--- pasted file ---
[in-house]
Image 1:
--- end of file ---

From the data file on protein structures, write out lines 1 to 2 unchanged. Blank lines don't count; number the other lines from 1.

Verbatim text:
[in-house]
Image 1: